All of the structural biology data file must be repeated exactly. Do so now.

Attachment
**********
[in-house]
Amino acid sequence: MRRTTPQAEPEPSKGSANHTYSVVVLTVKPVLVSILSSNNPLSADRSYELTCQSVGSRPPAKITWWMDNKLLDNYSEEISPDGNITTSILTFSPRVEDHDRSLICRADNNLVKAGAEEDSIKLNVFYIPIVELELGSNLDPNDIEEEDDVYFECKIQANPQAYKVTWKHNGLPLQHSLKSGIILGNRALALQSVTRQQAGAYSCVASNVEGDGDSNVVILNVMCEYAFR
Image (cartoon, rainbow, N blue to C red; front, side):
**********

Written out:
[in-house]
Amino acid sequence: MRRTTPQAEPEPSKGSANHTYSVVVLTVKPVLVSILSSNNPLSADRSYELTCQSVGSRPPAKITWWMDNKLLDNYSEEISPDGNITTSILTFSPRVEDHDRSLICRADNNLVKAGAEEDSIKLNVFYIPIVELELGSNLDPNDIEEEDDVYFECKIQANPQAYKVTWKHNGLPLQHSLKSGIILGNRALALQSVTRQQAGAYSCVASNVEGDGDSNVVILNVMCEYAFR
Image (cartoon, rainbow, N blue to C red; front, side):